# Steps when drawing lines plan

Discussion in 'Education' started by droussel, May 12, 2021.

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### drousselJunior Member

Hi!

First of all, a disclaimer! This is totally because I am a never-ending curious kind of person and also because I'd like to try to do it purely for fun. The most I expect to do is most probably a balsa model. With that said, I am currently building a small Michalak Mayfly 16 and have been sailing a bigger keel boat for the past 15 years.

To the question now! I probably have most of the books people recommend regarding book design, from Ted Brewer to Skeenes, passing by the Chapelle, Bolger, etc, books on design. I am fascinated by the subject.

However, I can not for the life of me understand the process and steps involved when designing the lines plan. Like, if I start from a blank page, in what steps would I proceed and how do I make a point in one view match the line in the other view? I feel like I may have missed something in all those books and that I just can't get it; the actual way and mechanic of how to you make the drawing and have everything fit.

Is there a book, a video, a tutorial, whatever, somewhere that explains this? And I'm not necessarily looking for super complicated yachts either; my main interest lies in small sailboats such as the one I am currently building, the John Welsford Navigator, the Goat Island skiff, etc.

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### Mr EfficiencySenior Member

Just think of the boat as fitting into a rectangular block, like a shipping container, establish the dimensions of your boat ( length, breadth, depth) and they become the dimensions of the block. All points within the block are then defined by the distance along the length, across the breadth, and height above the base of that block.

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### jehardimanSenior Member

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### bajansailorMarine Surveyor

I think that drawing a lines plan by starting with a blank sheet of paper might soon become a lost art, with computers making it so 'easy' (relatively!) nowadays.

I have a copy of this edition of John Teale's book 'How to design a boat', and I think he explains it fairly simply.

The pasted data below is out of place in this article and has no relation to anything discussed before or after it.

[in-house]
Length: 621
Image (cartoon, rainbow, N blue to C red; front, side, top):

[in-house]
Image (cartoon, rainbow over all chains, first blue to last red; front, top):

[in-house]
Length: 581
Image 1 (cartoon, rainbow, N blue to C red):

https://www.amazon.com/How-Design-Boat-John-Teale/dp/157409050X/ref=sr_1_4

Lets say that you want to design a round bilge boat around 16', perhaps a bit like your Mayfly.
You would start off with a rough general arrangement drawing showing a side elevation, a plan view on deck (and / or inside if there is accomodation), and a midship section.
Make sure that the 3 views all relate to each other with correct dimensions.
You could then start on a lines plan - draw the side elevation view with your chosen waterline spacing - you will add the buttock lines later.
Do a rough estimate for the Load Waterline (LWL).
On your plan view you have a deck plan - you can now sketch in what looks like a nice LWL.
The midships half breadth of the LWL can be measured from the midship section in your GA drawing.
Now try adding a couple more sections, say one forward and one aft of midships, and another waterline.
You will quickly find that the three views will most probably not be in agreement - so then you have to start tweaking - and this is a process of trial and error, and it can be quite frustrating.
Once you have a couple of waterlines and a few stations drawn in, try a buttock line, and see how it looks - if it is not a fair curve, then you need to do more tweaking.
Gradually add more waterlines, stations and buttocks as required - maybe try a diagonal as well. If that is not a fair curve, then you have to go back and do more tweaking again.
Once you get your lines reasonably fair, then you could calculate all the section areas, run them through Simpsons rules, and calculate your volume of displacement.
And then you might find that it is not enough for what you need..... as you should have also done a VERY rough estimate of how much weight is going in to the boat - and you might well find that at your intended LWL you do not have enough buoyancy to support all the weight you want to carry.
Time to go back, and do some more tweaking....
If you know (from basis / reference vessels) what a typical midship section coefficient would be for your boat then that is a useful start (this is the ratio of the midship section area, to the rectangle encompassing it).